Much Ado About Curve Bending

16 Sep

Back when health reform legislation was being debated, there was much talk about its ability to “bend the cost curve” — meaning to slow the rate of health care cost growth. After all, if health care costs are slowly bankrupting us all, something that will slow that process down even further is desirable–second only to stopping it altogether. But even after the bill became a law, opposition has remained, and that opposition continues to look for vulnerabilities in the law. Most recently, the discussion has turned to a revised CBO cost projection that opponents claim demonstrates that reform actually bends the curve upward rather than downward. If you want to read a nice, concise analysis of why that’s not true, you need to read Jonathan Cohn.

What I want to say is that everybody needs to take a breath. CBO scores are projections–they make no bones about that. That means that they take the data they have, and then get creative. They make assumptions. They look at trends and expect those same trends to continue ad infinitum. If something’s never been done before, they basically have nothing to go on at all, and they have to make the best educated guess they can. I would not want to balance my checkbook in 2015 using projections CBO made for me in 2010. They’re just not that precise. Now, that doesn’t mean that they’re not in the ballpark or that their methods aren’t rigorous, they are. It just means that their projections aren’t the end all be all. They are meant to inform decision-making, not predict the future with perfect certainty. After all, if they could do that, they’d be working on Wall Street.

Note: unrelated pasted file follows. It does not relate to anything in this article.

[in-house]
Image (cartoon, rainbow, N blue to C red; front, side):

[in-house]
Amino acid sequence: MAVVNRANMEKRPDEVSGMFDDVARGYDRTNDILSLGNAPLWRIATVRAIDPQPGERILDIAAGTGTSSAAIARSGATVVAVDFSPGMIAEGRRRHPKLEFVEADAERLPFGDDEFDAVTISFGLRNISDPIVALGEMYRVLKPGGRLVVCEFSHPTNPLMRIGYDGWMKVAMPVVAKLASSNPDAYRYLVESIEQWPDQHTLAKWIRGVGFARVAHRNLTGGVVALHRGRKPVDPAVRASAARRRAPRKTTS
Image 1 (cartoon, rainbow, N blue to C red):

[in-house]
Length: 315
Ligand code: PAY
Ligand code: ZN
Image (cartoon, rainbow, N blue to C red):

Instead, they’re like the people at Yahoo! who create the projected points for the players on my fantasy football team each week. They have data on a player’s performance, even that player’s performance against the specific team they’ll be playing. But on any given Sunday, anything can happen. Are the projections close to the final score most weeks? Yes. Are they sometimes significantly off in either direction (under or over-estimating)? Sure. But do I use the projections to help me decide which players to start and which to bench? Absolutely.


Posted by on September 16, 2010 in Uncategorized


2 responses to “Much Ado About Curve Bending

  1. Phil Childs

    September 16, 2010 at 12:31 pm

    It's been interesting over the years to watch how people on both sides of the aisle will use CBO estimates in their favor one day… then berate them the next day. It must be difficult to forecast the impact of an individual bill, since there are so many dependencies.(Not talking about you personally) It appears that anyone can find an economist that will agree with them. There's always an expert for sale. (I must be cynical this morning. Please forgive me.)

  2. Jan Baer

    September 16, 2010 at 2:58 pm

    Phil's right; the CBO is often asked for data analysis within specific parameters to obtain a politically-charged result. The CBO is required to respond within the guidelines set, even if these are unrealistic, and the media pick up the "results" without clarifying the political slant.


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